But that and the reasons why Sony may choose to not do so aside, isn't the trick to really high sync speeds (north of 1/500s) to flash multiple short bursts with a dedicated flash that each light the traveling shutter slit (at high speed) and that in their accumulation give the effect of correctly exposing the full sensor with a really high shutter speed and flash? So, maybe there are real or marketing reasons to not upgrade the shutter. But, what in this day and age is the reason that an electronic marvel like an a6000 which seems to have a seemingly real system flash hotshoe won't be offered with such capability at least in conjunction with a very pricey dedicated flash unit?

Or is there such capability?

After all, for people who really do not care to carry FF lenses and cameras anymore the a6000 seems positioned as the flagship system camera that Sony will be offering.

Sorry, but it is kind of hard to follow your post.  I hope the below info helps.

I am sure that the Sony / Minolta flashes that support HSS will sync up to the max shutter speed of 1/4000 sec.

exdeejjjaaaa
exdeejjjaaaa Veteran Member • Posts: 7,724
Re: Reason for slow flash sync speed

Schwaeble wrote:

But that and the reasons why Sony may choose to not do so aside, isn't the trick to really high sync speeds (north of 1/500s) to flash multiple short bursts with a dedicated flash that each light the traveling shutter slit (at high speed) and that in their accumulation give the effect of correctly exposing the full sensor with a really high shutter speed and flash?

it is, but HSS/FP offers much lower total light vesus just the one long flash impulse within x-sync timeframe with both shutter blades open to expose the whole sensor... so the camera can have both low spec x-sync (1/160) and HSS/FP at the same time... no contradictions...

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viking79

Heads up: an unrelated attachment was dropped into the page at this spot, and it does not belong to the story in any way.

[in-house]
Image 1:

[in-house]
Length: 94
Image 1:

viking79 Forum Pro • Posts: 14,137
Re: Reason for slow flash sync speed
1

Focal plane shutters can only sync at 1/160 to 1/250th or so. This is a limitation of that type of shutter, which all DSLR and mirrorless cameras use (even if they use electronic first curtain shutters they are still limited by mechanical rear curtain).  I believe the higher the sync speed the faster the curtain has to move, which will likely lead to more vibration.

Some older cameras using global electronic shutters, which we lost when we went to CMOS from CCD, can sync much faster. Like Nikon D1x and D70s.

Leaf shutter cameras can usually sync at max shutter speed, so if you really need that sort of sync speed you would have to go with a point and shoot or something. A fuji X20 can sync up to 1/2000 or maybe even 1/4000 I think.

Eric

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dotborg Veteran Member • Posts: 8,250
Re: Reason for slow flash sync speed

Schwaeble wrote:

Does anyone know what the reason may be that even the newest announced e-mount camera's flash sync speed is only 1/160 s?
Is it not possible to improve upon that with a mirror less camera for some reason or do just too few customers care for it to be faster?

The A7(r) cameras are very light. Due to the sensor size, the shutter is quite large and has a lot of mass relative to say a micro four-thirds shutter. Moving the shutter fast enough to get 1/250s sync speed would multiply the shutter vibration issues that people are already complaining about.